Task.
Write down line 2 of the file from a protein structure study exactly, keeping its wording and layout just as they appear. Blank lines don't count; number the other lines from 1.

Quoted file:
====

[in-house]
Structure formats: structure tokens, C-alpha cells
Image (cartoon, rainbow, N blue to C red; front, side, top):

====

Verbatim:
Structure formats: structure tokens, C-alpha cells